Notes from the
(excerpts from the magazine)
by Jim Betts
Tips For The Amateur
As I have said before, it is not our goat to teach you how to build
boats except through timely and new methods and techniques. All of the
basics are contained in several books that have served the amateur builder
for many years. But some general tips are in order, especially if this is
your first effort.
1. The essential book is
Boatbuilding With Plywood, by Glen L. Witt, the owner of Glen-L Marine
Designs. This is 312 pages, hardcover. It is $27.95 postpaid and you may
order by phone with a credit card. Call (562) 630-6258. (This is in
California.) See also their web site
www.Glen-L.com. I assure you that this will be the best money you will
ever spend on your boatbuilding efforts. Glen-L's Design Book is another
$9.95 and shows some 240 designs from 7 to 55 feet. Then you may also want
their book How to Epoxy Manual, which is another $2. Books are sent
postage paid. Their plans, by the way, include boats built in wood,
fiberglass, aluminum and steel. You will also get a free copy of their
boatbuilding supplies catalog.
2. Review as many plans as possible for the type of boat you want.
(Study plans will do at the early stage.) Similar boats may be more or
less complicated to build.
3. Build a model. This need not include every little detail, but
should give you a good idea of how the real boat goes together. If the
plans or study plans are too big or too small, take them to a copy shop or
blueprinter and have them copied in a suitable size. Some designs (smaller
boats) may be built in poster paper, but balsawood is usually the best.
4. If this is your first project, build a dinghy first. (Or a dog
house, or similar small structure.) If you later build a larger boat, you
may well need the dinghy anyway.
5. Study the plans. Try to "walk through" the building process. Make
sure you understand how it all goes together.
6. If the plans do not include a materials list, make one. You can
then price out the materials costs and determine how much of each
ingredient you will need.
7. Try to find someone in your area who has built a boat and see if
they will help you. (Ask around the boat yards.) If you feel that you need
help, try a classified ad in the local newspaper. Remember, two people can
build a boat much faster and better than one.
8, Check local lumber yards to see if they have what you will need.
Try to buy most of what you will need at the start. When you arrive at a
price, ask for a discount of 20~. (Maybe settle for 10%.) Tell them you
are going into the boatbuilding business and that this may lead to a
larger order in the future.
9.1f you will need big-ticket items (engines, etc.) print a
letterhead that proclaims you a commercial Boatbuilder. It will help if
you have a USCG builder's prefix. (This is a three letter ID code. Call
your local CG station for the forms to get this. There is no charge.) This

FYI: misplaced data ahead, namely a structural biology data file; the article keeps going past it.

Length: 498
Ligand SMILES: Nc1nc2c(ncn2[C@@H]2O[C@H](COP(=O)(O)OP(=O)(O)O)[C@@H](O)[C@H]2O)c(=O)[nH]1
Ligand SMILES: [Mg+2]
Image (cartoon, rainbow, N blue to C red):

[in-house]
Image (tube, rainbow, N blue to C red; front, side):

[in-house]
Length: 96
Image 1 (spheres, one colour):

Will enable you to buy equipment directly from the manufacturer, or at
least get a better price from their distributor. You can usually get a 40%
or so discount.
10. When possible, stay away from retail boat stores. Many
water-area hardware stores carry the same or similar items at better
prices. And do shop the discount catalogs. (West
Marine PO Box 50070, Watsonville CA 95077 has about the best selection
at the best prices. Get their catalog. You may call them toll-free at
11 Depending on the size of the boat, plan your time. In
general, do not undertake a project that will take more than a year to
complete. Over time, your needs and wants may change. And you may have to
change your residence, lose your job, get divorced and such and there is
nothing harder to move than a half-built boat!
12. When it comes time to turn the hull over (depending on the size
of the boat) forget all those elaborate hoists and such and contact your
local school and offer a donation to the football team uniform fund if a
few strong guys come and help you. (This may also be the time to put the
boat on a trailer.)
13. When it comes time to sell your boat - and that time will come -
call it Custom-built,) not amateur-built
14. If you build a boat out of junk material you will have a junk
boat. Sorry materials at the start will haunt you forever and probably
give you an unsafe boat. Don't save money and risk your life! Avoid
materials that are "just as good."
15. And do consider this: You can often find a used boat - or what's
left of one - that comes close to what you want. If the hull is sound
(fiberglass is the best choice here), you may be able to build your dream
boat by using this as a base. Such a hull may be cheaper than the
materials required to built from scratch. If in doubt about such a boat,
have it surveyed by someone who knows about such things, in buying a used
boat, always offer half of the asking price! You'll be surprised how often